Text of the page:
Will talent wait its turn or jump in line?
Reclaiming his Promise Versus Staking a Claim
Kei Nishikori had a breakout moment in 2014. He had beaten Roger Federer in Miami and pushed Nadal hard in Madrid in 2014. However, his 4 set US Open semifinal win over Novak Djokovic had many seeing Nishikori as a contender for the top tier of the sport. Marin Cilic quickly dispatched Nishikori in the championship round, and despite dominating Memphis, Kei has never again been quite as close to the top level of the sport.
Nick Kyrgios has made a lot of news in tennis due to both his explosive power and his explosive personality. At a Nike tennis photo shoot, Pete Sampras went out of his way to tell Kyrgios to behave after an ugly incident last summer. Pete doesn’t typically insert himself into anyone’s business so one hopes Nick absorbed this lesson. Many people are trying to identify a younger player who will eventually displace the current order on tour. Kyrgios perhaps answered that question in 2014 when he beat Rafa in 4 sets at Wimbledon, but many have pointed to Coric or Thiem or Raonic or other players under 25 before pointing to Kyrgios. This stems in part from Nick saying he is not sure he loves tennis. Boris Becker had similar Hamlet style musings about tennis. Becker won a lot, but he never dominated the tour so maybe Kyrgios unsure relationship with tennis itself makes us hesitant to tab him as most likely to be the next king of the sport.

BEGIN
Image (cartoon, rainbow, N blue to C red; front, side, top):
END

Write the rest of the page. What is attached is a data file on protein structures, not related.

This match is going to come down to a few things. Kei is an excellent returner and this surface is slow. Does that mean Nick’s serve will be under pressure or will the Aussie have enough power to serve through the slow court? Kyrgios’ paralyzing power could push Kei deeper into the court than he would prefer. Can Kei hold his ground or will he have to scramble and pray for errors?
My Prediction: I think Nick plays a clean enough match to push Kei deep into the court and hold serve with relative ease. Nick Kyrgios d. Kei Nishikori 6-3, 6-4